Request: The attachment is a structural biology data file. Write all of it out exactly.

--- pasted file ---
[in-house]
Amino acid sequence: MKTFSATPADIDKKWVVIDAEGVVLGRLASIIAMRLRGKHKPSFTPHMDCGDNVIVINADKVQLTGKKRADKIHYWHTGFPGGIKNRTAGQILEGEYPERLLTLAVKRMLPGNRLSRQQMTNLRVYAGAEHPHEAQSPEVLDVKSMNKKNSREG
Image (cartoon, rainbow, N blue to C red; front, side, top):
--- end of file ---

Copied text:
[in-house]
Amino acid sequence: MKTFSATPADIDKKWVVIDAEGVVLGRLASIIAMRLRGKHKPSFTPHMDCGDNVIVINADKVQLTGKKRADKIHYWHTGFPGGIKNRTAGQILEGEYPERLLTLAVKRMLPGNRLSRQQMTNLRVYAGAEHPHEAQSPEVLDVKSMNKKNSREG
Image (cartoon, rainbow, N blue to C red; front, side, top):